• linkedin
  • Increase Font
  • Sharebar

    Understaffed and overwhelmed

    If you are accused of a crime in this country, you have a right to a speedy and public trial. You will probably not get one.

    David Stanley, RPh
    From the moment individuals enter the criminal justice system, they are pressured to give up this right, as the system simply could not cope if everyone exercised it. Understaffed and overwhelmed, the criminal justice system is forced to get by as best it can, crossing its fingers and hoping that most of the people it encounters can be talked out of demanding that it meet its obligations to them.

    Sound familiar? If not, substitute the words "have a prescription filled" for "accused of a crime," "be counseled by a pharmacist" for "a speedy and public trial," and "healthcare" for "criminal justice" and reread that first paragraph. We have more in common with lawyers than we might like to think.

    Some math will show you why. Let's say a pharmacy fills a thousand prescriptions a day, not uncommon in this age of the industrial drugstore. Now let's say it takes an average of three minutes to go over the eight point OBRA checklist with each customer and address any other concerns they may have.

    Run the numbers and you'll see that if you freed the pharmacist from all the lick, stick, and pour tasks of the profession, and if somehow you were able to exempt the pharmacist from taking telephoned prescriptions and getting transfers from other pharmacies, and if the whole day went by without a patient asking a question over the phone, and if you chained the pharmacist to the pickup window to do nothing but counsel, you would need 50 pharmacist hours in that store every day. And that assumes the customers came in at a nice steady rate over the course of 24 hours.

    Fifty pharmacist hours will easily cost a company over $3,000, including benefits. Which means that a pharmacy filling a thousand prescriptions a day has to make three dollars a prescription just to pay for a pharmacist's counseling duty. Most insurance companies pay a dispensing fee of around $1.50 per prescription, meaning that we will never come close to being able to give our patients a scant three minutes of our time. The numbers simply don't allow it.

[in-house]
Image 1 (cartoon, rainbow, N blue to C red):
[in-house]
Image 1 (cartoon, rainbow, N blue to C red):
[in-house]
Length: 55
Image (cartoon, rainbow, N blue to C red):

So we don't do it. We do "counseling triage," pulling customers aside to talk to them when we must, making sure they were expecting a painkiller when a doctor's handwriting makes "Celebrex" look a little too much like "Celexa," checking that the endocrinologist knew his patient was taking warfarin when he wrote that Synthroid prescription.

    For the rest, we cross our fingers and hope that most customers can be talked out of the time with us to which they are legally entitled. Because if the Bill of Rights of this country's Constitution can't ensure that a nonprofit legal system will provide the rights to which our citizens are entitled, what are the chances that a budget reconciliation act will compel compliance from a corporation that has to show earnings growth from quarter to quarter?

    Remember that, the next time your boss tries to get you excited about some new technology or reorganization that will "free the pharmacist to counsel." Show your boss the numbers I just laid out here and announce that you're looking forward to the new pharmacist labor budget of three minutes per prescription. Then watch your boss turn pale and pass out.

    I've been hearing about changes that will "free me to counsel" since the day I entered pharmacy, but somehow I had far more time for my patients the day OBRA passed in 1990 than I ever do today. Perhaps it will take a constitutional amendment to get that time back. Or an increase in insurance reimbursement rates. You decide which is more likely.

    I'll let you get back to work now. Don't forget to keep saying those magic words, "Did you need me to go over your medicine with you?"

    Remember though, you have a doctor holding on line one.

    David Stanley is a practicing community pharmacist in California. He can be reached at

    David Stanley, RPh
    David Stanley is a pharmacy owner, blogger, and professional writer in northern California. Contact him at [email protected]